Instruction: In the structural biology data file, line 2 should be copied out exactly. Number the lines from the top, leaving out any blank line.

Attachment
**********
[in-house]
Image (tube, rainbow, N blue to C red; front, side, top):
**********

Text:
Image (tube, rainbow, N blue to C red; front, side, top):